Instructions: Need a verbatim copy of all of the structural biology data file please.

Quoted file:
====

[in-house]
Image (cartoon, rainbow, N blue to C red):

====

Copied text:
[in-house]
Image (cartoon, rainbow, N blue to C red):